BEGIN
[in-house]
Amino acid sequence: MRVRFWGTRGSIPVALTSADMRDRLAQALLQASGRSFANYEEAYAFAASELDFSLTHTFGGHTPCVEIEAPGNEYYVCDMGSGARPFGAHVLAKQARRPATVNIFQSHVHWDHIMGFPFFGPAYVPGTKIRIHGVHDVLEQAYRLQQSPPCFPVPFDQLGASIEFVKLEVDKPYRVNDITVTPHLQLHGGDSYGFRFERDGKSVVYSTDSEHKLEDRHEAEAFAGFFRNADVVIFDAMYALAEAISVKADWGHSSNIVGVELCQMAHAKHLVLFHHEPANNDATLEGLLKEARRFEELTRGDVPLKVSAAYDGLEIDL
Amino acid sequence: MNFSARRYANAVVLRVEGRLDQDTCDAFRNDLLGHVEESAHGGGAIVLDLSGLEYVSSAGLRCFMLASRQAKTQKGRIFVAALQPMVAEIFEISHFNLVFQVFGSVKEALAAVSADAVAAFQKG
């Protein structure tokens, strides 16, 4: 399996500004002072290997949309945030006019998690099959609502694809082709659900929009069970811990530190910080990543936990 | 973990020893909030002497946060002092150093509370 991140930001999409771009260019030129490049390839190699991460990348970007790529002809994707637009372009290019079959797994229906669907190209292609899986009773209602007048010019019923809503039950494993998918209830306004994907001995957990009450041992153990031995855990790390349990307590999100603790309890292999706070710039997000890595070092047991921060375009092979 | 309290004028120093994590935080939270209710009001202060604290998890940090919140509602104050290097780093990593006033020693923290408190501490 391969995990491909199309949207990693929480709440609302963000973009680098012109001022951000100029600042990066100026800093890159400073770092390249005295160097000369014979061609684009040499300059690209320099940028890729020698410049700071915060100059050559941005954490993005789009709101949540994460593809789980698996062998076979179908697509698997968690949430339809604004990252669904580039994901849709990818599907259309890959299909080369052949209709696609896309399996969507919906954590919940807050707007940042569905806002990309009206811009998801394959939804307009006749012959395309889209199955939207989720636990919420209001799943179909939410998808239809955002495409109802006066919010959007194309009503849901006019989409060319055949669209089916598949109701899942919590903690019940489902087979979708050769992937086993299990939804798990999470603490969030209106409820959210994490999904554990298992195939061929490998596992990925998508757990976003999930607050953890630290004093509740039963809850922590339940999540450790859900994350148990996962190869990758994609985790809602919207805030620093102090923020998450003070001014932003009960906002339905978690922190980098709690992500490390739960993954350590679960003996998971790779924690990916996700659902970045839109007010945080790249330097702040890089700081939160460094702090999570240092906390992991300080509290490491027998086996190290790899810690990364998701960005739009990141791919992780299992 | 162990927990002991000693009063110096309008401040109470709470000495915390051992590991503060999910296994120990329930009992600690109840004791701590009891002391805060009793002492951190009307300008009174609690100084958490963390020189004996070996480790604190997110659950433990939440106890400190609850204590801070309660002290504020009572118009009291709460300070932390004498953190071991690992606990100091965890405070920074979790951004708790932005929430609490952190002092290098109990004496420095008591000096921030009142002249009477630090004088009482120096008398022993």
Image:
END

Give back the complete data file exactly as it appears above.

[in-house]
Amino acid sequence: MRVRFWGTRGSIPVALTSADMRDRLAQALLQASGRSFANYEEAYAFAASELDFSLTHTFGGHTPCVEIEAPGNEYYVCDMGSGARPFGAHVLAKQARRPATVNIFQSHVHWDHIMGFPFFGPAYVPGTKIRIHGVHDVLEQAYRLQQSPPCFPVPFDQLGASIEFVKLEVDKPYRVNDITVTPHLQLHGGDSYGFRFERDGKSVVYSTDSEHKLEDRHEAEAFAGFFRNADVVIFDAMYALAEAISVKADWGHSSNIVGVELCQMAHAKHLVLFHHEPANNDATLEGLLKEARRFEELTRGDVPLKVSAAYDGLEIDL
Amino acid sequence: MNFSARRYANAVVLRVEGRLDQDTCDAFRNDLLGHVEESAHGGGAIVLDLSGLEYVSSAGLRCFMLASRQAKTQKGRIFVAALQPMVAEIFEISHFNLVFQVFGSVKEALAAVSADAVAAFQKG
């Protein structure tokens, strides 16, 4: 399996500004002072290997949309945030006019998690099959609502694809082709659900929009069970811990530190910080990543936990 | 973990020893909030002497946060002092150093509370 991140930001999409771009260019030129490049390839190699991460990348970007790529002809994707637009372009290019079959797994229906669907190209292609899986009773209602007048010019019923809503039950494993998918209830306004994907001995957990009450041992153990031995855990790390349990307590999100603790309890292999706070710039997000890595070092047991921060375009092979 | 309290004028120093994590935080939270209710009001202060604290998890940090919140509602104050290097780093990593006033020693923290408190501490 391969995990491909199309949207990693929480709440609302963000973009680098012109001022951000100029600042990066100026800093890159400073770092390249005295160097000369014979061609684009040499300059690209320099940028890729020698410049700071915060100059050559941005954490993005789009709101949540994460593809789980698996062998076979179908697509698997968690949430339809604004990252669904580039994901849709990818599907259309890959299909080369052949209709696609896309399996969507919906954590919940807050707007940042569905806002990309009206811009998801394959939804307009006749012959395309889209199955939207989720636990919420209001799943179909939410998808239809955002495409109802006066919010959007194309009503849901006019989409060319055949669209089916598949109701899942919590903690019940489902087979979708050769992937086993299990939804798990999470603490969030209106409820959210994490999904554990298992195939061929490998596992990925998508757990976003999930607050953890630290004093509740039963809850922590339940999540450790859900994350148990996962190869990758994609985790809602919207805030620093102090923020998450003070001014932003009960906002339905978690922190980098709690992500490390739960993954350590679960003996998971790779924690990916996700659902970045839109007010945080790249330097702040890089700081939160460094702090999570240092906390992991300080509290490491027998086996190290790899810690990364998701960005739009990141791919992780299992 | 162990927990002991000693009063110096309008401040109470709470000495915390051992590991503060999910296994120990329930009992600690109840004791701590009891002391805060009793002492951190009307300008009174609690100084958490963390020189004996070996480790604190997110659950433990939440106890400190609850204590801070309660002290504020009572118009009291709460300070932390004498953190071991690992606990100091965890405070920074979790951004708790932005929430609490952190002092290098109990004496420095008591000096921030009142002249009477630090004088009482120096008398022993």
Image: